SHE was one of the most colourful, complicated characters of the Scottish independence movement, a forward-thinking human rights activist and dedicated campaigner.

So how come no-one has heard of Wendy Wood?

Poet, writer and performer Imogen Stirling is about to put that right, with her debut play, Starving.

Glasgow Times: Imogen Stirling

Presented in association with Raw Material, as part of Oran Mor’s lunchtime theatre series A Play A Pie and A Pint, this fiercely funny drama tells Wendy’s story, beginning at the point where she is on hunger strike – in her 80s - in support of home rule for Scotland.

“I chanced upon Wendy’s story when I was researching something else, and I was fascinated by her – her life was so bold and technicolour, so full of action and movement that I couldn’t believe I had never heard of her before,” says Imogen.

Glasgow Times:

“She was a controversial figure, who divided opinion, often for good reason.

“Our media at the moment seems to be so full of tormented men – Oppenheimer, for example – and that whole idea of flawed genius.”

She adds: “Women are never given the same space. It’s as if women have to be perfect and pure to be remembered and celebrated, and that disturbs me.”

Glasgow Times: Isabella Jarrett and Madeline Grieve

Imogen, who lives in the West End, is an award-winning performance poet who received critical acclaim for her show Love The Sinner, with Vanishing Point, and has been personally commended by the late Benjamin Zephaniah.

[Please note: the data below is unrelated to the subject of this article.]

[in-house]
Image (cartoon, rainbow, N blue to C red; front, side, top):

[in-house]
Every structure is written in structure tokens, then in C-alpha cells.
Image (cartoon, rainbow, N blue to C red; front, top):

Her roots are in musical theatre, however, so returning to the world of the stage is a “full circle moment”, she explains.

“It is really exciting,” says Imogen.

Glasgow Times: Wendy Wood, left

“It’s been an interesting journey for me. It’s a big adjustment from poetry, having to hand over your work and trust in others to bring it to life. There’s vulnerability in it, but also empowerment.

“The team at PPP are wonderful. In my experience, people go to the theatre ready to critique, to make sure their opinions are heard, but it’s not like that here.

“People genuinely seem to come just for the experience, to immerse themselves in the stories and be surrounded by new art, and I love that.”

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Starving began life almost as a biopic, explains Imogen.

“I was uncomfortable, though, about taking someone’s life and piecing it together into a stage play,” she says.

“What interested me was Wendy’s commitment to action, despite expectation or gender, or age - she went on hunger strike in her 80s, which is such radical thing to do.

“So the play starts when she is on hunger strike, and timelines change and merge, so she comes to share a space with a modern-day 30-year-old woman, who is riddled with anxiety.”

Imogen adds: “It’s about women today, the power and peril - and what freedom means, as a woman, as a country. Wendy Wood has been all but written out of Scottish history, so I knew my goal was to make her famous, to secure her back in modern consciousness.”

Starving is at Oran Mor from Monday, March 4 to Saturday, March 9.